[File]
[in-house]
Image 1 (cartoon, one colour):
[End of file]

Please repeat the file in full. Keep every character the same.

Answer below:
[in-house]
Image 1 (cartoon, one colour):